What’s really important is to simplify. The work of most photographers would be improved immensely if they could do one thing: get rid of the extraneous. If you strive for simplicity, you are more likely to reach the viewer. — William Albert Allard, National Geographic
Everything should be made as simple as possible, but not simpler.
— Albert Einstein, Smart Guy
Like a cluttered room in a house or an overstuffed closet, a photo with too much random stuff can make it difficult for a viewer to find the subject. How many times have you taken a photograph of something only to have something else completely unrelated (and unwanted) in the frame like a car or a telephone pole? This isn’t to say that all photos should be minimalist affairs with a single subject and a plain background ala Apple Macintosh ads. But you should strive to only include elements in a photo that add something to it rather than serve as distractions. One way to do this is to simplify your compositions.
Simplification can take many forms. To start, you have two broad choices: move your subject or move your camera. Look at the background when you are framing your subject. Ask yourself, could a change of location simplify your composition, removing distracting background elements? In a natural setting, look around for something that could be used as a simple backdrop for your subject (a wall or a weather-beaten fence, for example). Indoors, consider complementing your subject with an artificial backdrop. Your chosen background, although simple, can still contribute interest to your photograph in the form of texture and color.
Of course, moving your subject may not always be feasible. In that case, moving your camera is the answer. Moving to a different side of your subject can yield a completely different look. A zoom lens can be used to isolate a subject in a busy scene. Shooting from a high or very low angle usually puts your subject against the ground or sky which can both make beautiful backdrops.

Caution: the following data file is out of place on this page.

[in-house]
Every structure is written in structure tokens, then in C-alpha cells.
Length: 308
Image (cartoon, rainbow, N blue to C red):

Consider the lighting. A brightly lit room shows every detail. But a dim room with a single spotlight only reveals what the light touches. A dark canvas with a splash of light highlighting a subject, muted details lurking in the dark corners, can make for a powerful image. Shooting subjects in doorways can yield a similar result: a bright subject lit by the sun against the black opening of the doorway.
Don’t forget about depth of field. The camera gives you precise control over what is and is not in focus in any given photograph. Do not neglect this ability. Use it to blur unwanted elements while keeping other elements in sharp focus.
Finally, look at textures in the scene, clashing lines, colors, and shapes. You may find that colors and textures on your subject clash with something in the background. Or lines in your subject may cross with other lines in the frame at odd angles perhaps forming distracting shapes. A bold, complementary splash of color in the background can make your subject really stand out.
A simple composition doesn’t necessarily mean an easy one. It can be difficult to make a photograph that includes enough detail to convey an idea or represent someone or something in an appealing way but doesn’t overdo it. At first, you may find yourself not even noticing distracting details until they are pointed out by others or until you see the photograph in a print or on your computer screen. It takes a dedicated effort and concentration to simplify your composition at the time you press the shutter button. As you practice, as you develop your eye, noticing things that don’t belong in the frame becomes easier. But trust me, it’s worth the effort.